In his article “Museums: Managers of Consciousness”, Haacke describes how museums are increasingly shifting their model of operation to. They are, if you want to put it in positive terms, great educational institutions. If you want to put it in negati ” – Hans Haacke quotes from Haacke H.’Museums, managers of consciousness’ B. Wallis (Ed.), Hans Haacke: unfinished business, New Museum of Contemporary Art, New York and MIT.
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On the contrary, they are usually convinced that their activities are in the best interests of art.
As long as an institution is not squeamish about company involvement in press releases, posters, advertisements, and its exhibition catalogue, its grant proposal for such an extravaganza is likely to be examined with sympathy. Private donors came on board with attractive collections.
The products of the means of production, like those means themselves, are not neutral. Using these methods, I found that the language that museums hhans to attract corporate sponsors mirrors that of advertising sales managers.
Responding to a realistic appraisal of their lot, even artists are now acquiring managerial training in workshops funded by public agencies in the United States Such sessions are usually well attended, as artists recognize that the managerial skills for running a small business could have a bearing on their own survival. Those who in fact plan and execute industrial strategies tend, whether by inclination or need, to mystify art and conceal its industrial aspects and often fall for their own propaganda.
Their stance and what is crafted under its auspices have not only theoretical but also definite social implications. It takes stealth, intelligence, determination-and some luck.
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While the rule of the boards of trustees of museums in the United States is generally uncontested, the supervisory bodies of public institutions elsewhere have to contend much more with public opinion and the prevailing political climate. The sophistication required to promote a particular interpretation of the work is potentially also available to question that interpretation and to offer other versions.
Such a well-intentioned delusion can survive only as long as art is perceived as a mythical entity above mundane interests and ideological conflict. It would be wrong, however, to assume that the objective and the mentality of every art executive are or should be at consxiousness with those on whose support his organization depends.
And it is, of course, this misunderstanding of the role that products of the consciousness industry play which constitutes the indispensable base for all corporate strategies of persuasion.
Such an assertion could also be misunderstood as an attempt to downplay the brutality with which mainstream conduct is enforced in totalitarian regimes, or as a claim that coercion of the same viciousness is practiced elsewhere as well.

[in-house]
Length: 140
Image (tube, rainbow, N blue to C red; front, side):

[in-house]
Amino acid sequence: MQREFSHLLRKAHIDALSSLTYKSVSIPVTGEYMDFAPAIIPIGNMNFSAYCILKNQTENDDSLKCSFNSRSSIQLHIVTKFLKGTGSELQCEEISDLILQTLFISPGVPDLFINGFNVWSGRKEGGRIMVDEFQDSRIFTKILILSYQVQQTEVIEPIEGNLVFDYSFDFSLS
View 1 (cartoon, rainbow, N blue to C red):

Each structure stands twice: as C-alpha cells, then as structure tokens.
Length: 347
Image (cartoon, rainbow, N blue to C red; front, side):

Some companies are happy to underwrite publicity for the event which usually includes the company logoat a rate almost matching the funds they cinsciousness available for the exhibition itself. Currently museusm are witnessing a great retreat to the private cocoon. Haacke believes this could turn problematic for artists and the arts in general. Some public museums in Europe went the road of mixed support, too, although in the opposite direction. Haacke exclaims that artist can take back the power of art by using alternative showing spaces.
Haacke goes on to suggest that the art world is more business than pleasure or romance.
Conversations of Theory
They also happen to be more interested in culture than other groups on the political spectrum. Most shows in haaacke New York museums are now sponsored by corporations.
The consciousness is a result of environment and social proclivity. That it is not a physical product and its worth or meaning can change depending on the spotlight it receives.
conzciousness But a democratic society demands nothing less than that. A theoretical prop for this worthy but untenable position is the nineteenth-century doctrine of art for art’s sake. Then came the recessions of the s and s.
It is, in fact, not our private property, homegrown and home to retire to. Executives with a longer vision also saw that the association of their company and, by implication, of business miseums general with the high prestige of art was a subtle but effective means for lobbying in the haace of government. Nor are we dealing with a universally accepted body of knowledge or beliefs.
Consequently, the present director of the Museum of Modern Art in New York has a management background, and the boards of trustees of other U.
Given current financial problems, they try to streamline their operation. Haacke denounces this, and asserts it becomes similar to the way dictatorships and totalitarian governments publicize government propaganda.
Some of the more successful artists employ their own business managers.
The institutional function is a great case to study. The New York Times calls it weekend section o and Leisure” and covers under this heading theater, dance, film, art, numismatics, gardening, and other ostensibly harmless activities. They are affected less by who happens to be the occupant of the White House or the mayor’s office, although this is not totally irrelevant for the success of applications for public grants.